The Hirschland Bank and Family Collection contains the family papers and banking records of the Hirschland banking firm established by Simon Hirschland in Essen. Family papers pertain to members of the Hirschland, Grünebaum, Neumann and other families, with an emphasis on family members' emigration and role in the family firm. Banking records focus on the history of the family firm from the 1930s through the 1960s, including records of successor financial firms. The collection includes prolific correspondence, banking files and financial records, family papers, official documents, photographs and photo albums, contracts, and other papers.
This series is arranged in two series in the following manner:
- Series I: Family, 1819-1999
- Subseries 1: Erich Otto Grunebaum, 1911-1957
- Subseries 2: Other Grünebaum Family, 1885-1975
- Subseries 3: Neumann Family, 1897-1961
- Subseries 4: Hirschland Family, 1873-1985
- Subseries 5: Immigration and Finances, 1931-1947
- Subseries 6: General Family Papers, 1819-1999
- Series II: Banking 1938-1993
- Subseries 1: Transfile Files, 1938-1971
- Subseries 2: Other Banking Papers, 1938-1993
A few books and publications were removed from this collection to the LBI Library. Photocopies of the works' titles and bibliographic information were retained in the collection where the books were originally located.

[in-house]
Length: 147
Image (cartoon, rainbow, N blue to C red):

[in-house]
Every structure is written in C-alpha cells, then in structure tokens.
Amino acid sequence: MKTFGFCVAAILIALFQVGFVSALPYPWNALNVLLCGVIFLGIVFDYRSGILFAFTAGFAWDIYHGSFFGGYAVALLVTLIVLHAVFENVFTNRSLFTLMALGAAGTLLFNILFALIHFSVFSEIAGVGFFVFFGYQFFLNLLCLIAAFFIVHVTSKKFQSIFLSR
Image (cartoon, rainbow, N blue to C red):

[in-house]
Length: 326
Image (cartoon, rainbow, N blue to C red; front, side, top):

When processing of the archival collection began, some original order was observed among portions of the collection (alphabetical correspondence files and sequences of "transfile" folders pertaining to banking and to the Jewish Community of Essen). This original order was retained and these groups of folders moved to the applicable series based on their contents. The remainder of the files were organized into series by content as well.
- Grunebaum, Erich Otto, 1902- (Person)
- Grünebaum, Ernst (Person)
- Hirschland, Georg, 1885-1942 (Person)
- Hirschland, Kurt, 1882-1957 (Person)
- Grunebaum, Gabrielle, 1910- (Person)
- Hirschland family (Family)
- Newman family (Family)
- Grünebaum family (Family)
- Bankhaus Burkhardt und Co. (Essen) (Organization)
- Bankhaus Simon Hirschland (Essen) (Organization)
- K. L. & Co. (Organization)
- New York Hanseatic Corporation (Organization)
- Amsterdamse Crediet Maatschappij N.V. (Organization)
Genre / Form
- clippings (information artifacts)
- Financial records
- Ledgers (account books)
- Legal documents
- manuscripts (documents)
- Minutes (administrative records)
- Official documents
- Guide to the Papers of the Hirschland Bank and Family 1819-1999 AR 25638
- Processed by Dianne Ritchey
- © 2015
- Language of description
- Script of description
- Language of description note
- Description is in English.
- Edition statement
- This version was derived from Hirschland_Bank_and_Family.xml
- March 2017:: dao links added.